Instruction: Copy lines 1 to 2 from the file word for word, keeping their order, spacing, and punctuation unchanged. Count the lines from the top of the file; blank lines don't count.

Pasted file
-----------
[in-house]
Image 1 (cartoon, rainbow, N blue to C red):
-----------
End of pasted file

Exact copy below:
[in-house]
Image 1 (cartoon, rainbow, N blue to C red):